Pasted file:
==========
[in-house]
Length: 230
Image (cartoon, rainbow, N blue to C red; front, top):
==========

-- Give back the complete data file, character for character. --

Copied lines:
[in-house]
Length: 230
Image (cartoon, rainbow, N blue to C red; front, top):